A pair of hawks recently established residence on Jackson Slough Road. I first saw them about a month ago. I’ve been stalking them, though I never see the pair when I have my Canon with me. The rinky-dink lens in my cell phone can’t do justice to them. But still I try.
Any time I see a largish bird perched on one of the poles or overhead in a tree, I crane my neck. With soft shoulders and open fields on either side of the narrow road, Jackson Slough affords little chance for anything but the hastiest of snaps. Trucks and weary residents coming home or journeying to work need passage. My determination holds nonetheless.
Sometimes I think that I’m seeing many birds. Often a raven overhead tricks me into thinking that I’ll get my shot this time. Once in a while, a heron makes its way over the fields, though many of them have gone north by now. What passes for summer here drives them towards Canada or up to the cooler stretches of the Pacific coast.
The hawks and I have some kind of connection. As I write, a brief storm breaks. I worry that they will not find shelter. I’ve been reading about these majestic birds. I imagine them as mates for life, glancing at each other across the leafy expanse of the tree in which I see them as I pass each evening. They know of my quest. They won’t thwart me, but neither will they cooperate. If I capture a decent image, they will not protest. But I must stalk them on their terms. They rise into the air when my car nears, leaving me immobilized below their easy escape.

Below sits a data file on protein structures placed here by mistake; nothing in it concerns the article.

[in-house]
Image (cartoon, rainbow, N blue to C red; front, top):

I first saw the pair on April 17th. One sat on a pole just beyond the roadway. The other soared towards us, far overhead. We both waited. I cannot speak for the hawk on his perch, but I held my breath the entire time.
I got a quick picture. I planned to photograph his lift-off, but unexpectedly, he twisted and turned toward me. Our eyes met as his wings reached their full span and he rose into the air. I dropped my phone in astonishment. I’ve never seen a bird of prey so close that I could count his feathers and comprehend his unchecked power.
I concede that I might be seeing many birds, rather than the same two. Maybe none of them are even hawks. Even if they are, I might never get a decent chance to take a picture. I’ll keep trying though. I’m on a mission; and the birds don’t seem offended in the least.
It’s the twenty-third day of the sixty-fifth month of My Year Without Complaining. Life continues.
I took these photos this morning. I don’t know what kind of bird this is.
I am going to attempt to imbed a five-second video of the above-appearing bird’s flight westward. Please turn off your sound, as the radio plays in the background.